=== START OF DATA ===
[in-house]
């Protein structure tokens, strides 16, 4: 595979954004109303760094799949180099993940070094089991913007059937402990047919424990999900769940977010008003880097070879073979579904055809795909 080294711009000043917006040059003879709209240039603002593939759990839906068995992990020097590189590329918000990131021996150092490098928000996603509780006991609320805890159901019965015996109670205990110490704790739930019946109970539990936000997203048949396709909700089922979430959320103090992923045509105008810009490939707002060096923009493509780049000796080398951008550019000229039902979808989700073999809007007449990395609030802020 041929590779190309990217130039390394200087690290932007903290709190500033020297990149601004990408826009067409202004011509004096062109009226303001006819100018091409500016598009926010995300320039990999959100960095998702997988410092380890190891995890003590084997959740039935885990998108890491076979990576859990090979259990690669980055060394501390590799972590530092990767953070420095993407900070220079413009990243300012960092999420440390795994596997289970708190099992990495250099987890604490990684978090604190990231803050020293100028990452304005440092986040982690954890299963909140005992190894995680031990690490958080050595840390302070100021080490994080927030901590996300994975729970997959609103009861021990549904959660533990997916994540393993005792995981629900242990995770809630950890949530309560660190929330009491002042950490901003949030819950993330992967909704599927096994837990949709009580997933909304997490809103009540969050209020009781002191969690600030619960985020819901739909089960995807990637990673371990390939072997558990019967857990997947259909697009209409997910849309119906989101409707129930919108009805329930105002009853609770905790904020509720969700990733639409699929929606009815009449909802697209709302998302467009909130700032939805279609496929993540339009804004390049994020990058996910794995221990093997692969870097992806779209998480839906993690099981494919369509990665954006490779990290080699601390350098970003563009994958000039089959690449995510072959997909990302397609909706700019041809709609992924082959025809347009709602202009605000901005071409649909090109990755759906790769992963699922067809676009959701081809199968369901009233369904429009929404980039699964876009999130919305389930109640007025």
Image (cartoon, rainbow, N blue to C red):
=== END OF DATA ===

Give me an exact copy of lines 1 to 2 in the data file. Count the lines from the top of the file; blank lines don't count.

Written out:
[in-house]
């Protein structure tokens, strides 16, 4: 595979954004109303760094799949180099993940070094089991913007059937402990047919424990999900769940977010008003880097070879073979579904055809795909 080294711009000043917006040059003879709209240039603002593939759990839906068995992990020097590189590329918000990131021996150092490098928000996603509780006991609320805890159901019965015996109670205990110490704790739930019946109970539990936000997203048949396709909700089922979430959320103090992923045509105008810009490939707002060096923009493509780049000796080398951008550019000229039902979808989700073999809007007449990395609030802020 041929590779190309990217130039390394200087690290932007903290709190500033020297990149601004990408826009067409202004011509004096062109009226303001006819100018091409500016598009926010995300320039990999959100960095998702997988410092380890190891995890003590084997959740039935885990998108890491076979990576859990090979259990690669980055060394501390590799972590530092990767953070420095993407900070220079413009990243300012960092999420440390795994596997289970708190099992990495250099987890604490990684978090604190990231803050020293100028990452304005440092986040982690954890299963909140005992190894995680031990690490958080050595840390302070100021080490994080927030901590996300994975729970997959609103009861021990549904959660533990997916994540393993005792995981629900242990995770809630950890949530309560660190929330009491002042950490901003949030819950993330992967909704599927096994837990949709009580997933909304997490809103009540969050209020009781002191969690600030619960985020819901739909089960995807990637990673371990390939072997558990019967857990997947259909697009209409997910849309119906989101409707129930919108009805329930105002009853609770905790904020509720969700990733639409699929929606009815009449909802697209709302998302467009909130700032939805279609496929993540339009804004390049994020990058996910794995221990093997692969870097992806779209998480839906993690099981494919369509990665954006490779990290080699601390350098970003563009994958000039089959690449995510072959997909990302397609909706700019041809709609992924082959025809347009709602202009605000901005071409649909090109990755759906790769992963699922067809676009959701081809199968369901009233369904429009929404980039699964876009999130919305389930109640007025």